Part two of my review of the SE Region European Selection Conference.
For a summary of the morning session, see HERE
Back inside having eaten our packed lunch by the lake, there was an ugly mood. Suddenly someone who looked as if she hadn't missed a lunch in her lifetime had commandeered the microphone. "Excuse me! I know it's unconventional but I have to make a point". Apparently the food was appalling. £10 for three plain crisps and an under cooked chicken drumstick was an insult to the voluntary party. We should all demand our money back - and what's more, we should write to the Regional Chairman with copies our MP and the Prime Minister! There was a murmur of support. Up jumped the Regional Chairman. He was clearly nervous at having to explain how the leader of the Conservative MEPs had been deselected on his watch without having to deal with 100 letters to the PM complaining about the lack vol-au-vents. Apparently 120 lunches were paid for and 120 were ordered. If there wasn't enough food, it was nothing to do with the ordering. The implication was clear - perhaps those at the front of the queue had taken more than their fair share! By the look of the baying mob I suspect they often did.
Little did we know that hers would be the most impassioned speech we were to hear for the rest of the day.
The Chairman of Tunbridge Wells suggested a game of Euro Lingo Bingo - and we produced a list of phrases to "tick off" as the aspirants read their speeches. It kept us awake if not entertained. One applicant could barely be seen over the lectern and spoke so quietly,could barely be heard. Another so loudly and from such a right wing script it was like being harangued by a Daily Mail reading version of Alexi Sayle. The speeches droned on - QMV, Single European Act, Opt Out, referendum, renegotiation, 2017, Single Market, in, out, when the time is right, Margaret Thatcher - we ticked off the Euro Lingo Bingo words as fast as they came. Interestingly, every single applicant, including the four incumbents, name-checked The Lady at least once. Even after her funeral, her memory dominates and shapes our views.
After each speech there were set questions from the Regional Chairman. "On a scale of 1 to 100, where 1 = immediate withdrawal, 100 = greater integration and 50 = the status quo, where do you stand?" asked Andrew Sharpe. All we wanted was a number, any number. Only one applicant managed to give us one without adding a page of justification. He got my vote for brevity, even though his number was higher than I had hoped. One applicant spoke for 4 minutes 18 seconds (we timed her) when she could have said "64". She'll fit in well in Strasburg. It was like listening to a parade of I Speak Your Weight machines translating the collected work of Solzhenitsyn.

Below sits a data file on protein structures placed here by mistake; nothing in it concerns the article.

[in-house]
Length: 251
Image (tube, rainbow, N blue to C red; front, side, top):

"Right", announced the Chairman, cheerfully. "Thank God, we've finished" I thought, but no, it was time for a tea break - we were only half way through.
On and on it went. Ear trumpet man had glazed over and was probably grateful for his deafness, the lady who had spent the day knitting a powder blue baby grow had run out of wool. A chap walked through with a trolley laden with clanking silver trophies, - I thought they were prizes for those still awake, but they were for the Cha Cha Cha contestants in the adjoining room. Suddenly I was aware of a low hissing sound, apparently the man at the lectern said he would never vote to leave. "That's buggered his chances" I thought, and I was right. I allowed my mind to wander onto long summer days on the Upper Thames, drinking Assam and eating Raymond Blanc's pear and frangipane tarts, then all around me people were clapping, so I clapped too. "Why are we clapping?" I asked Chris Buckwell. "I haven't got a clue, I saw Andrew Mackness was clapping so I thought I should join in." I wondered if the entire room was clapping for no reason.
Then it really was all over. Julian Walden was on his feet and explaining the balloting system. He used the phrase, "I have spoken to Alan Mabbutt who has confirmed..." which is code for "so don't ask stupid questions as the rules won't change." The words "Alan Mabbutt" have that effect on us. Apparently there were ten candidates and we had to choose eight. "Who should I vote for?" asked Allan Sullivan, sitting next to me. "It's so much easier when he prints the ballot papers with the Xs already on them", said William Rutherford, much to the amusement of everyone around me.
Having positioned ourselves directly alongside the table next to the ballot box we were able to vote and leave before the applause following the vote of thanks had died down. "Aren't you hanging around for the result?" asked Regional Deputy Chairman, Jim Flemming. "Do you mind if I don't, Jim, one can have too much excitement in a day"